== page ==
George Weigel: the (happy) decline and fall of Catholic “progressives”
First, there was John Paul II, whom many in that camp habitually labeled a charismatic reactionary. Yet the Polish pope was a hero all over the world during an epic pontificate that bent history’s arc in a more humane direction, and did so without the aid of liberation theology. John Paul’s funeral Mass on April 8, 2005, became, in the apt phrase of NBC anchor Brian Williams, “the human event of a generation,” a moniker unlikely to be attached to the obsequies of, say, Hans Küng, John Paul’s most embittered progressive critic.
Then came the election of the progressives’ bête noire, Joseph Ratzinger, as Pope Benedict XVI: a horror that a prominent progressive, Notre Dame’s Fr. Richard McBrien, declared electorally impossible a mere 24 hours before it happened. Catholic progressives hunkered down for what they hoped would be a brief Ratzingerian interregnum. But Benedict XVI has proven an energetic pope whose pontificate has been in dynamic continuity with that of his predecessor, an astute analyst of the cultural crisis of the West, and a man determined to strengthen Catholic identity as the sine qua non of Catholic reform.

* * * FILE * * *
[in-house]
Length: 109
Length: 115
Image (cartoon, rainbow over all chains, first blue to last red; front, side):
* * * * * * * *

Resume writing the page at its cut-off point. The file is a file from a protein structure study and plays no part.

Thus the Wojtyla-Ratzinger years have put paid to the notion, beloved of Catholic progressives, that Catholicism began anew — ex nihilo, as it were — at the Second Vatican Council. Committed to the hoary “liberal/conservative” hermeneutic of the Council’s history, Catholic progressives hold that Vatican II represented a dramatic rupture with the past. The great teaching pontificates of John Paul II and Benedict XVI, however, have proposed a far more plausible interpretation of the Council as one in dynamic continuity with the great tradition of Christian orthodoxy. That interpretation, in turn, is shaping an entire new generation of Catholic intellectuals who are far more interested in exploring the complex riches of that tradition than in deconstructing it. Unlike the aging progressives, who have shown themselves rather infertile intellectually and who survive in large part because of that most conservative of institutions, the tenure system, many younger Catholic scholars are fully committed to putting theology at the service of the “New Evangelization” for which John Paul II and Benedict XVI have insistently called. [more]